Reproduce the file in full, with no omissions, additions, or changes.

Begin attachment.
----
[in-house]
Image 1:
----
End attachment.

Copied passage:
[in-house]
Image 1: